As Oketta instructs the driver to pull down a winding road dotted with rondavels, my heart pounds, and I try to imagine how this village looked 18 years ago when John was a young boy. I suspect little has changed. Fortunately, it is now February 2008 and the years of terror and bloodshed have subsided, making it safer for NGOs to do their work and travellers like myself to visit this remote area.

Our car comes to a stop between two small huts and I jump out. I recognize Grace, with three children leading the way and little Debby in front. Unlike most African children I’ve met travelling through Tanzania and Uganda who cautiously approach ‘Mzungus’ (white people), Debby shows absolutely no fear. She runs to me with open arms. I scoop this plump bare-bottomed child up and she holds on tight. Later when older brother Anyar and baby Samuel dare to come closer, she swats them away.

Grace is appropriately named; she is grac-ious with a sweetness and lovely way of laughing when she speaks. No wonder she caught John’s eye. John walks toward me, his face radiant as he embraces me with an ease uncharacteristic of a first-time meeting.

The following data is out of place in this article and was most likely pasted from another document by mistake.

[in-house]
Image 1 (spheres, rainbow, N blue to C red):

We spend the afternoon exploring each other’s worlds. He shares his love for soccer, riding his bicycle, and his dreams that when his children grow, they will go beyond primary school and if all goes well, he will one day build a brick house with a floor for his family.

Debby is a feisty, intelligent, wide-eye spark who laughs constantly and loves to have her photo taken. Like a fashion model on a catwalk, she prances and smiles for my camera, then postures likes she’s the art director. The bond is instant, and over the next two days, this spirited three-year-old refuses to leave my side. She has an unsettling way of placing her tiny hands on my cheeks, moving her face close to hold my gaze—just inches away—as if to look deep into my soul. My heart is hers.

After a late lunch of Grace’s rice and chicken, we sit outside of John’s home as he shares his story of courage, endurance and forgiveness. In a quiet, hushed voice he slowly describes the attack by murderous brutes that changed his life forever.

Without even the hint of bitterness or despair, he looks into my eyes and in a humble whisper, says, “I’ve been told that I have become an inspiration to the people in my village, as they see that I have chosen to forgive.” Then turning to the children playing beside us he smiles, “I was left to die, but I survived and I am here now with my family.”

I smile in return. This unassuming man, sitting on the dirt-swept yard in front of his grass thatched hut, has no idea how far his wave of forgiveness has radiated around the world.